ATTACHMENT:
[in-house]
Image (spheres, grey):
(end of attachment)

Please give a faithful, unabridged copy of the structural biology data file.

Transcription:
[in-house]
Image (spheres, grey):